IT and security teams have good reason not to trust the public Internet. Phishing and malware accounted for 39% of all data breaches in 2020, a Verizon report found. And a Forrester Consulting study commissioned by Cloudflare found that in 2020, 61% of companies with more than 1000 employees experienced an increase in phishing attacks compared to previous years.

Every IT and security professional wants to keep their organization from being included in these statistics.

Specifically, they want to:

  • Block malware and phishing, which constantly shift tactics to evade  detection.

  • Stop data loss in general, whether via infected devices or user interactions.

  • Get better visibility into employee Internet browsing, in order to understand their organization’s specific threat landscape and respond faster to breaches that do occur.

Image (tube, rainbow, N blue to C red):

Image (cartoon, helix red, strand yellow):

These use cases are important elements of Zero Trust security, in which Internet properties and code should not be implicitly trusted — and must therefore be securely processed at the moment of user interaction.

In order to accomplish these goals, some organizations are turning to browser isolation, in which employee Internet browsing is kept separate from local networks and infrastructure.

Implemented thoroughly and efficiently, browser isolation shows potential to be the single most powerful way to mitigate attacks coming from the Internet. Unfortunately, it has so far remained a niche technology because of a number of challenges — including high costs, poor browsing experiences, logistical management hurdles, and security gaps.